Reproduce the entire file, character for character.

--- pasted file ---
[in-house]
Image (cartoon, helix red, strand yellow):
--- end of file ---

[in-house]
Image (cartoon, helix red, strand yellow):